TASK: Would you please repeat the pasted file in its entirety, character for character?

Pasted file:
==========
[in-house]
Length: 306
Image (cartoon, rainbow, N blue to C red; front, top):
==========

[in-house]
Length: 306
Image (cartoon, rainbow, N blue to C red; front, top):